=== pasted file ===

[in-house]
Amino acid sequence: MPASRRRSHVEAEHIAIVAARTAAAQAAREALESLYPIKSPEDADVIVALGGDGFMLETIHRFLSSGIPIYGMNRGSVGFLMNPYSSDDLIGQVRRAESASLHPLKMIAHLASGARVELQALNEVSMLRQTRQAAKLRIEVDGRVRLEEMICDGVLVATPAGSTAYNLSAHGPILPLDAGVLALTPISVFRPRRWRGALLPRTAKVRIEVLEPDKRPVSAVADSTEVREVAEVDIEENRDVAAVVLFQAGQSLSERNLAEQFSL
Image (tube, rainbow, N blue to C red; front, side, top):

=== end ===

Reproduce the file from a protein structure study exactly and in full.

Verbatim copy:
[in-house]
Amino acid sequence: MPASRRRSHVEAEHIAIVAARTAAAQAAREALESLYPIKSPEDADVIVALGGDGFMLETIHRFLSSGIPIYGMNRGSVGFLMNPYSSDDLIGQVRRAESASLHPLKMIAHLASGARVELQALNEVSMLRQTRQAAKLRIEVDGRVRLEEMICDGVLVATPAGSTAYNLSAHGPILPLDAGVLALTPISVFRPRRWRGALLPRTAKVRIEVLEPDKRPVSAVADSTEVREVAEVDIEENRDVAAVVLFQAGQSLSERNLAEQFSL
Image (tube, rainbow, N blue to C red; front, side, top):